Singer, who worked as a top communications staffer for John Kerry in 2004 and Hillary Clinton in 2008, said voters concerned with animal welfare seemed poised to emerge as a “new voting bloc” as the candidates have keyed in on dogs as a way of questioning the other’s character. He said that Romney’s silence on the two hotly contested votes to ban dog racing in the state could play into that dynamic, calling the dog fight “the kind of story that breaks through with people who don’t always follow minute-to-minute developments but are casually interested and vote.”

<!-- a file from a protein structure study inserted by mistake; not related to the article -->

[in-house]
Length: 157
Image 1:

Those votes in 2000 and 2008, came just before and after Romney’s term as governor from 2003 to 2007, and voters were concerned with animal rights on the one side, and jobs on the other. During his time in office, the dog-racing ban was less in the mix since the sport had survived the 2000 referendum on a tight 51-49 vote, and he never raised the issue. The debate shifted to whether Massachusetts should allow slot-machine gambling at its dog- and horse- racing tracks, which Romney opposed as a subsidy to a failing industry. His presidential campaign did not immediately return a request for comment on his greyhound racing stance as governor.